The Lord Chief Justice has left the media, high profile alleged sex abusers and their lawyers in something of a quandary following the up-rating of UK broadcaster Stuart Hall’s prison sentence for 14 sex offences.
Lord Judge in the Court of Appeal criticised a “manipulative” Hall for attempting to influence potential jurors in his public comments reported in the media denying the charges before his eventual admissions in court.
Lord Judge is reported as saying: “Whatever legal advice the offender has been given, he knew the truth. He knew he was guilty of molesting these girls … This deliberate falsehood was a serious aggravating feature because here was an expert in the ways of the media, fully alert to the possible advantage of manipulating the media, at that point hoping to escape justice. He was attempting to use the media for the purpose of possibly influencing a potential juror.”
There has been a long tradition of people accused of offences denying in no uncertain terms any guilt before they come to trial and a tradition of full media reports of those denials – even though pre-trial reporting is, in law if not in practice, severely restricted by sub judice rules (broadly speaking to items such as name of accused, age, address and the charges – but not evidence, confessions). Indeed the media tends to make a practice of ensuring such denials are reported when they are made, even if only tacked to the end of the article.
The thinking of night lawyers who recommend the denial be reported may be in part be to avoid libelling the accused, an insurance in case charges are dropped or he is acquitted. Additionally there may be a fear of contempt of court – prejudicing the trial with anything that might suggest guilt before the matters have been tried.
But Lord Judge’s comments now expose this as fuzzy thinking. One man’s denial may be another woman’s (in this case) condemnation. For the accused to say “I am not guilty” is to imply that the accusers may well be guilty – of dishonesty, fantasising, vindictiveness or worse – before the matters have got to court. Lord Judge’s charge seems to be that Hall intended to get such an impression across in the media and hence intended that any jurors picked for the trial would have such impressions in mind before they started their work.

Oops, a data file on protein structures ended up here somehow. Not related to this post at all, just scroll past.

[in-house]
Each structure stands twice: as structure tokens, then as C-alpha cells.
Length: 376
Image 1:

In the original trial Recorder Anthony Russell told Hall: “Instead of maintaining a dignified silence or stating that you would make no comment, you chose to make a public statement to the effect that the allegations were false, describing them as ‘spurious and pernicious’ as was widely reported.” (Pdf: Sentencing Remarks 17 June 2013)
He and Lord Judge may have been thinking of the denial outside Preston magistrates in February. The Daily Mail headlined its piece on Hall’s emotional statement: “Stuart Hall reveals the ‘living nightmare’ of being charged with 40-year-old sex offences” and reported he said he had “never gone through so much stress” and had been driven to the brink of suicide. It quotes him thus: “May I just say these allegations are pernicious, callous, cruel and above all spurious. And may I just say I am not guilty and will be defending these accusations.”
He added: “Like a lot of other people in this country today I am wondering why it has taken 30 or 40 years for these allegations to surface. The last two months of my life have been a living nightmare. I have never gone through so much stress in my life and I am finding it difficult to sustain.”
With further comments on his loving and supportive family who encouraged him to fight on and his heart illness there is plenty here that is certainly manipulative – given Hall was wholly guilty. It is this that Lord Judge was presumably criticising as part, in effect, of a media campaign “for the purpose of possibly influencing a potential juror”.
‘Instead of maintaining a dignified silence or stating that you would make no comment, you chose to make a public statement to the effect that the allegations were false, describing them as spurious and pernicious, as was widely reported’ – Recorder Anthony Russell
The media in these matters are in a strangely anomalous position. Once charges are laid they are supposed to report only minimal details for fear of prejudicing the trial – but they take this to mean, in general, that they should not prejudice the trial against the accused.
So any denials and coverage generally favourable to the accused is seen as fair game for publication given the interest in these stories. The Daily Mail felt able to present the story in the way it did, presumably, because it did not prejudice the case against Hall – even though, according to Lord Judge, such coverage might well have been the outcome of an attempt on Hall’s part to manipulate the press into prejudicing the case the other way – in his favour.